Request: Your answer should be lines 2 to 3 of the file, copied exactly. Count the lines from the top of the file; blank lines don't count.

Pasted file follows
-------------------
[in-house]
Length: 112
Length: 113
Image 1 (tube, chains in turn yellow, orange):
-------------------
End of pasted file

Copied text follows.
Length: 112
Length: 113